Which is probably why you don't see such line sold commercially!

I'd use 50 or 75 Ohm coax and a balun, instead.

WB2WIK/6
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AC5UP
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« Reply #4 on: December 10, 2002, 12:33:34 PM »

The previous comment was made on the assumption the loop will be fed by a 1/4 wave open-wire matching section connected to a 1:1 current or 'choke' Balun with any length of coax back to the rig...

That's how I do Loops, Doublets and EDZ's.

- AC5UP
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AC5UP
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« Reply #5 on: December 10, 2002, 12:54:13 PM »

Looks like most folks prefer 1/4 wave of 75 Ohm coax instead of playing with an open wire matching section. I've gotten handy with open wire feeders and have no problems with them as they're very tolerant of construction variations. But... Here's a thot:

If you're set on a 100 Ohm parallel line, consider paralleling two 50 Ohm coaxial cables into a shielded 100 Ohm balanced feed line.

(?)

- AC5UP
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AD6JN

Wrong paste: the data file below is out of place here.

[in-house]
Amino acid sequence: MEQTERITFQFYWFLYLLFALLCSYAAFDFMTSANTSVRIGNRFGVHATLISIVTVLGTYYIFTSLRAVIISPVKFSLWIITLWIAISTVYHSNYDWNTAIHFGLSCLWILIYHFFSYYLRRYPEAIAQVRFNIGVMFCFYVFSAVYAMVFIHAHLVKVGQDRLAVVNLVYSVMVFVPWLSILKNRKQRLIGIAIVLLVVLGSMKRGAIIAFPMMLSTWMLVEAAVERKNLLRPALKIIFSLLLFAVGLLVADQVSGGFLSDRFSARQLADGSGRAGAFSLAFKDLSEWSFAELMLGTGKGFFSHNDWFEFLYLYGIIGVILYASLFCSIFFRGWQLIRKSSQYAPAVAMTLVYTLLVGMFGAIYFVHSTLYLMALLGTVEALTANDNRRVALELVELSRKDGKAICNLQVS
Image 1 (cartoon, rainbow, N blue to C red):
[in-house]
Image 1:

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Posts: 172




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« Reply #6 on: December 10, 2002, 04:03:14 PM »

The equation cited is for air and the 276 needs to be divided by the square root of the dielectric coefficient if an insulation separates the pair.  For PVC this is near 3 depending on the additives.  I am not sure about the power you are running but 18 awg. black electical wire should work.  Black is more UV resistant.  Tape the wire every few inches to retain the close spacing.

Depending on the frequency and/or length the line will give a different impedance reading if tested.  Plotted over the HF bands (1.8 to 30 Mhz.) you will see the average impedance comes close to the value of the equation.  For PVC it will tail-off toward the higher frequency.  PVC is not as frequency stable as TFE (Teflons).